Potato Harvester Sanei Industry Co., Ltd.

Website: Sanei Industry Co., Ltd.External site: a new window will open
Category: Japanese Machinery

Homegrown industry

Japan's northernmost major island of Hokkaido differs geographically from its other main islands, with wide, sweeping plains across a large portion of the land, making it ideal for growing a variety of crops-especially potatoes. It's here that Sanei Industry Co., Ltd. developed its potato harvester and other agricultural equipment, which it's now introducing to the world stage.

Sanei Industry's roots go back to 1961, when CEO Tsuyoshi Mohri's father opened up a steel shop to repair farm equipment. It was around this time when Japan's farms started modernizing, and horse-drawn farming implements began to be supplanted by engine-powered tools. As the shop was located in the midst of a potato-based agricultural town, his father decided to produce machines to harvest potatoes; his first harvester debuted in 1965.

Sanei Industry Co., Ltd. CEO Tsuyoshi Mohri

Sanei Industry's EX-ZERO offset potato harvester, pictured in a Hokkaido field

Listening to customers

Mohri says that from the beginning the company has sought feedback from farmers about their needs (such as avoiding potato bruising), and that philosophy is still part of product development today. This could explain why out of more than ten Japanese companies that originally made harvesters, Sanei is one of only four remaining in the domestic industry, with a 25 percent market share. Mergers with other companies in the 1980s helped the company expand its product lines to sugar beet harvesters and weed cutters.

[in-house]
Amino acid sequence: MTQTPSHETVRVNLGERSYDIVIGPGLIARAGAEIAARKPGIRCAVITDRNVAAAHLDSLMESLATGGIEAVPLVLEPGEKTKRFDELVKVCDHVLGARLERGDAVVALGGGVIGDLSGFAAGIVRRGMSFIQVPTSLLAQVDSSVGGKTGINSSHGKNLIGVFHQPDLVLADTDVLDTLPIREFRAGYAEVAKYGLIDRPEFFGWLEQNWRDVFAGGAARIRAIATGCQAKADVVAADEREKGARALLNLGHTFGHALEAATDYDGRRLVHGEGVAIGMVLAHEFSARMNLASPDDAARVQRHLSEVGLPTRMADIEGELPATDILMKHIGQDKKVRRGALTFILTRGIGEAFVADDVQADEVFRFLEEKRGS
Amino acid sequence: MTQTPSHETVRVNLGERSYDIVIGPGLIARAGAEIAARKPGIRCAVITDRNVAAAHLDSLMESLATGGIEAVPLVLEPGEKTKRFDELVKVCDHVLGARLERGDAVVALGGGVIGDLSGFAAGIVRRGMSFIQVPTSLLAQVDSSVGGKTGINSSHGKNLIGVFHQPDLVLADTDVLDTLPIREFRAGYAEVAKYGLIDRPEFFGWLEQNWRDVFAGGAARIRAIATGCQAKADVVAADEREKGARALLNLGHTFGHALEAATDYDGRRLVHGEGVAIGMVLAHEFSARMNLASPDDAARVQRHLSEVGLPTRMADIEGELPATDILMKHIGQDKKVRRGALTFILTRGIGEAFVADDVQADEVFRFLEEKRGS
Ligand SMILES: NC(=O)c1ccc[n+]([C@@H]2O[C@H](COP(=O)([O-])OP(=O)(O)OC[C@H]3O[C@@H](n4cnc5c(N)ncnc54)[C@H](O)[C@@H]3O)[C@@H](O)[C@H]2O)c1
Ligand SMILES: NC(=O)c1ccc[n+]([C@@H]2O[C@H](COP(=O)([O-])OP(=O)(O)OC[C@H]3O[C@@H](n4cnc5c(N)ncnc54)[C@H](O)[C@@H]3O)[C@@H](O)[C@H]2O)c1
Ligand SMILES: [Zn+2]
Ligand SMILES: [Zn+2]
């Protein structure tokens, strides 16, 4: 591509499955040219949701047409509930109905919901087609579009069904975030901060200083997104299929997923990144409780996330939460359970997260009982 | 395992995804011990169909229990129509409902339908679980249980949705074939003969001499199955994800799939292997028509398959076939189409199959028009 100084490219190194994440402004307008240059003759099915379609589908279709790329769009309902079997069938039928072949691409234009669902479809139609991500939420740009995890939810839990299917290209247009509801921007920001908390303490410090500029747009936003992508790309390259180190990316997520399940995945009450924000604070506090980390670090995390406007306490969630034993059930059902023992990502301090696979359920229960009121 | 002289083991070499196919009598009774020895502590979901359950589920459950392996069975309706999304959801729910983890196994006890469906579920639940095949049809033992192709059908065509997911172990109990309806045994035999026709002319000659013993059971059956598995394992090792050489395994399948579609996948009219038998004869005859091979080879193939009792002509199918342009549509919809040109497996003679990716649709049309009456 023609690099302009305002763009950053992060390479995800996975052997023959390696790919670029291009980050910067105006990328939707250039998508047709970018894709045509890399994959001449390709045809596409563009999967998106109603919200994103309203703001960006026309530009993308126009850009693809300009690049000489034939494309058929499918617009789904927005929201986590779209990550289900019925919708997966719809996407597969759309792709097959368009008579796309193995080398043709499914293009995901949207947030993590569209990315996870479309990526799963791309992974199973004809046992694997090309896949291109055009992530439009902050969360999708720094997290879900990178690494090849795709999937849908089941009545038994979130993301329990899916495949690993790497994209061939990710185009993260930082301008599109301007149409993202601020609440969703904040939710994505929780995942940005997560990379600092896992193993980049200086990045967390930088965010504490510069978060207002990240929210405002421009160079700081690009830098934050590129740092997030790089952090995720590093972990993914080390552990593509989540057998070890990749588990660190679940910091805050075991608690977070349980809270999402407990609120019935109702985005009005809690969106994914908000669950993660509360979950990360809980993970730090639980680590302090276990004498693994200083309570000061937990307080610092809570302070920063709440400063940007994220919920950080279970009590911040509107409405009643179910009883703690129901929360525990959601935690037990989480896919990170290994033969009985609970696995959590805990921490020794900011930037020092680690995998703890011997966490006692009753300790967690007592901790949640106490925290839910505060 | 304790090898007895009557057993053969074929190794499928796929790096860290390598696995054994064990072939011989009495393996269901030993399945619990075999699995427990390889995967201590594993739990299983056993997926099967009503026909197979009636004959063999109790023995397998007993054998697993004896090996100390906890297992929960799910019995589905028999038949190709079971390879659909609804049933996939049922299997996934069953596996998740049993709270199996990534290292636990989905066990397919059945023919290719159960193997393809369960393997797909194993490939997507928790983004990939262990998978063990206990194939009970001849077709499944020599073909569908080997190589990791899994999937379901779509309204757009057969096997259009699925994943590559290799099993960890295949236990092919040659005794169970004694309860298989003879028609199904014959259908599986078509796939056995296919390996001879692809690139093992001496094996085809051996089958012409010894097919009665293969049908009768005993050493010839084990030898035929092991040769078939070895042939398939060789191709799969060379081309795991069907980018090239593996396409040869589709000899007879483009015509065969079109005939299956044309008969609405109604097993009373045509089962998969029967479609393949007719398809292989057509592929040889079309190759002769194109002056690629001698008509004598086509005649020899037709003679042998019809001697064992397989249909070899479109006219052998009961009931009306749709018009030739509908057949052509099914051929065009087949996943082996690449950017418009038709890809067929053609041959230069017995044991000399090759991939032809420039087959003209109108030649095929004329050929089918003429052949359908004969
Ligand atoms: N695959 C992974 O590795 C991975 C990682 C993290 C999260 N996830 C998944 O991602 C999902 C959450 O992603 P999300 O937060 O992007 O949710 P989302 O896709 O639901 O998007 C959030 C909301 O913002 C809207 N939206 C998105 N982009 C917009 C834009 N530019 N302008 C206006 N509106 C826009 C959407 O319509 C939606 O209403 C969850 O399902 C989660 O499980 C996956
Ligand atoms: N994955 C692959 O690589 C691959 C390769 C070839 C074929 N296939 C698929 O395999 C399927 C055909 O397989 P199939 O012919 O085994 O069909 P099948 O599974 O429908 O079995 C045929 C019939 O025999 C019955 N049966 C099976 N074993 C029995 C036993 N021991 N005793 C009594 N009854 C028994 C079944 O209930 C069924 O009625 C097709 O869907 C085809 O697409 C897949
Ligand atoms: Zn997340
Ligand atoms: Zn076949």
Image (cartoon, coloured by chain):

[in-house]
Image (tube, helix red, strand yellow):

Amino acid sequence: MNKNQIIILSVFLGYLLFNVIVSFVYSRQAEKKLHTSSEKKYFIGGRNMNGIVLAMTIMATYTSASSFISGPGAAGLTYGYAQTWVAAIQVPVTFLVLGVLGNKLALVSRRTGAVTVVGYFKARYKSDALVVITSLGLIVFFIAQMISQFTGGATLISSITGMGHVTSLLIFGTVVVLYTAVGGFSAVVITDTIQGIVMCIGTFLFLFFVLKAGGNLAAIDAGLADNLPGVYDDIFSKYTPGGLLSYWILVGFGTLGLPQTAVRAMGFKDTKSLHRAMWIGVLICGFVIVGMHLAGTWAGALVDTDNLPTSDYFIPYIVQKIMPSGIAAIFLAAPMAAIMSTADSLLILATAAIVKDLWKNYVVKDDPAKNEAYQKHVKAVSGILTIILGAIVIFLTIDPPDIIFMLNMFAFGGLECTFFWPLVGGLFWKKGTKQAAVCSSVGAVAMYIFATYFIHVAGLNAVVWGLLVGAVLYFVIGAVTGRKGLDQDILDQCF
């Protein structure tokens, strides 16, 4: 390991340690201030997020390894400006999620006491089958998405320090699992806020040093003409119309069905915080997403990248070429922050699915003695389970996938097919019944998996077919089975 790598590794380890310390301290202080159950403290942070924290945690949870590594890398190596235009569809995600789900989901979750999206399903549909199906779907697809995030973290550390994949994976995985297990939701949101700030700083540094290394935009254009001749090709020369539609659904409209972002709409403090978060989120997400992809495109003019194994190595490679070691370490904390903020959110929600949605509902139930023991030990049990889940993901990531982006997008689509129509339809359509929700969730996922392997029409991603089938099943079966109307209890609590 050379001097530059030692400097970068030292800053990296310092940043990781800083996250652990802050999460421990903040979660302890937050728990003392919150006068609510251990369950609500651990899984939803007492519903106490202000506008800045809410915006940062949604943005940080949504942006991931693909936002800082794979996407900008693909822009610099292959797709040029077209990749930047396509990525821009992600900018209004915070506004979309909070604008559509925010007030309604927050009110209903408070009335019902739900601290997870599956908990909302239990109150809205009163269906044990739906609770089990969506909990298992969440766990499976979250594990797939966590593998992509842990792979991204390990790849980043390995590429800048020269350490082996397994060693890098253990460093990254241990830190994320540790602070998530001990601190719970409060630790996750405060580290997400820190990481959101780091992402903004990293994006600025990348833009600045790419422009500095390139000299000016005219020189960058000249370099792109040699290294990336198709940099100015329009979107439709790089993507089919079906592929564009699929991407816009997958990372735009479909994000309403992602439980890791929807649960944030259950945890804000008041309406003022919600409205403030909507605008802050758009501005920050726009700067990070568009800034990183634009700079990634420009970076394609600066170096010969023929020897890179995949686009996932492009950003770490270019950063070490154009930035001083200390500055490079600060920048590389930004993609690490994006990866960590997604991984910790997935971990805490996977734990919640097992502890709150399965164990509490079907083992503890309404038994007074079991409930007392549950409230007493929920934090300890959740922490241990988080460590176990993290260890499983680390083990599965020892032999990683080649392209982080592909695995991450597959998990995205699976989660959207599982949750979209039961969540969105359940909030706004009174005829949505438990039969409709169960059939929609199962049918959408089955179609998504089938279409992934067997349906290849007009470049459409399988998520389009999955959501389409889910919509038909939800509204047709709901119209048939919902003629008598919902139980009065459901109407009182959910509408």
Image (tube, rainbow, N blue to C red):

Smart harvesting

Beneath the potato harvester, quite literally, is a surprising amount of technology. Mohri explains that some models of the harvester have computer controls and sensors installed near the first contact point of the machine: the scooper. These sensors can determine inclines in the potato mound and adjust automatically, a step up from other models that required manipulation by the operator.

Assembly of weed cutters on the company's factory floor

Filling a niche

Sanei Industry's potato harvester fills a market niche in quality agricultural equipment that's available in a smaller size and at a correspondingly smaller price than bigger European counterparts. In 2009, Sanei Industry became the first Japanese company to exhibit independently at Germany's Agritechnica, the largest agricultural equipment trade fair in the world. That major step into the world market has led to business in a variety of countries spanning Europe as well as South and East Asia.

Sanei Industry's SS-1 mini potato harvester is a popular export model

Adapting to overseas needs

There are always challenges with taking a homegrown product abroad, and Mohri has experienced his fair share. His biggest surprise was the different way of thinking among customers overseas.

"Japanese people," he elaborated, "tend to think of what they can do within the machine's specs." Some foreign customers were less interested in the specs and more about how much productivity they could obtain from the machine. Still, Mohri is undaunted by the hurdles and says he's taking them on one at a time.

With worldwide potato demand on the increase and more developing countries turning to automation, Sanei Industry hopes to be harvesting many more customers in the future.